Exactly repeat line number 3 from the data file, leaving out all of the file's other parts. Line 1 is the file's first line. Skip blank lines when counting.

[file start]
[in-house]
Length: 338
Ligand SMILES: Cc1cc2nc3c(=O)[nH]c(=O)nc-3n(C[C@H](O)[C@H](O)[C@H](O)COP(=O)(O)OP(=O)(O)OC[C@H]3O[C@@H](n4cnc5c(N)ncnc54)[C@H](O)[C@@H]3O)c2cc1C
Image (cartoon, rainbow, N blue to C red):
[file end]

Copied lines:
Ligand SMILES: Cc1cc2nc3c(=O)[nH]c(=O)nc-3n(C[C@H](O)[C@H](O)[C@H](O)COP(=O)(O)OP(=O)(O)OC[C@H]3O[C@@H](n4cnc5c(N)ncnc54)[C@H](O)[C@@H]3O)c2cc1C